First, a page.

We have been sued and if we lose the lawsuits, we are all gone. Bishop Lee's dream of "as closest communion as possible" is lost. Isn't there a better way than to sue everyone? We're in exile, we'd come home in heartbeat but perhaps they really don't want us to come home. Perhaps there really isn't any home to come home to anymore - and that may be what I truly witnessed in New Orleans. I still haven't written about it, catastrophic experience though it was. And perhaps that is the point entirely, which I remember vividly - the House of Bishops jocular attitude over the Disappeared, where they took turns making fun of all the people they had lost. There was not one lament in sight, except perhaps for Bishop Lee who truly looked pained to me. I haven't forgotten that either.


inked said...

bb, this is the "community of bishops" pastoral response. You seem to be less than grateful. I believe the text you reference on another thread would strongly suggest that you should be re-educated to conform to the "community" standard. Clearly, the fault lies not in the HOB but in ourselves. We just need re-forming, we old Anglicans.

Kevin said...

Yet, I'll say what is desired was not given, speaking more collectively, there were favorites played, no sense of remorse when others past were gone, much games playing for self advancement, yet no one assisted for months when seeking evangelism the Lord made real easy but of the opposite of my gender yet those who denied help the parish holds up.

Then things can be cyclical and I or us or them sow, the Lord will repay.

Yes, Jacob was chosen but Leban was used by God to bring him from following Rebekah advise to the point where Hosea 12 expounds as weeping as he clings, seeking favor from the Angel of the Lord.

So too, I believe a valley allowed, that clergy and laity alike may ask hard questions to seek out "what is the kingdom of God like?" To begin to crave holiness and not spin their own game. Hebrews 12 reminds us of the purpose in this, not like a track coach (as was preach from the pulpit) but as a Father who truly loves His rebellion children.

Now as the hour approaches, there is One who knows more of the pain than you do. The same hand that touch the Jacobs hip in mercy, the same hand was pierced for us. He is trustworthy and can turn any valley of Achor into a door of hope.

Rick Arllen said...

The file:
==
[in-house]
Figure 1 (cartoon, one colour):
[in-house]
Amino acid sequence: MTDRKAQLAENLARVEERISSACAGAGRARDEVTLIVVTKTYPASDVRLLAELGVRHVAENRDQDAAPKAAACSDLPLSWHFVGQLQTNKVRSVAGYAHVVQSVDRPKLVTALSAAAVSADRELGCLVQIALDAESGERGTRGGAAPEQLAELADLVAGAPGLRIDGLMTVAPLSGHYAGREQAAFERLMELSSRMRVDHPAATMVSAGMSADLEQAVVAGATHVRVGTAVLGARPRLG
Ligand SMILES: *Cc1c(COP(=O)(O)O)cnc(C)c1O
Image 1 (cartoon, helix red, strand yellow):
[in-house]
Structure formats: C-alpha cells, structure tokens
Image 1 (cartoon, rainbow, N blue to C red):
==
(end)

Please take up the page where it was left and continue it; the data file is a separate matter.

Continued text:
It seems that denial is not just a river in Egypt.

PadreWayne said...

Stats can be used however one chooses: rschllnbrg's "Fully 55% of the churches in the diocese saw attendance drop in 2006, that's 87 of the 157 reporting" is my "Fully 45% of the churches in the cdiocese saw attendance rise in 2006, that's 70 of the 157 reporting."

Glass half empty, glass half full.

I praise Jesus that mine is overflowing.

RSchllnbrg said...

Congrats padrewayne.

I suppose stats can be "used". I was reporting what there is. I am glad you take comfort in knowing that 45% of the churches post gains in 2006.

On the other hand you sound a bit overly optimistic, kind of like the press release from 815 that said:

"Domestic dioceses posting similar gains for 2006 numbered 11: Alaska, Central Pennsylvania, Eastern Oregon, Eau Claire, Kansas, Mississippi, Oklahoma, South Carolina, South Dakota, Tennessee, and Upper South Carolina."

That's 11 dioceses of 110 that posted gains. We can rejoice with them, but to say this is to also realize that almost 90% of the dioceses of the church lost people.

Now that's "using" statistics. Or is spin only in the eye of the beholder?

Padre Wayne said...

rschllnbrg, it is not that you were using the stats erroneously, it's that they can be stated glass half empty/glass half full. Your use of them puts the spin toward doomsday, which, in the case of TEC, is certainly hubristic.

I won't deny that we've lost people. I'm just pointing out that in some areas we've gained.

And my glass continues to overflow.

RSchllnbrg said...

OK I'll play along.
But you're missing the point. Since when is 11 out of 110, considered half?

And what's so half full about the natinal church losing members again for another year?

I don't have to make up the doomsday stuff. It's a pretty bleak report all on its own. Still I'm glad things are happy in your world.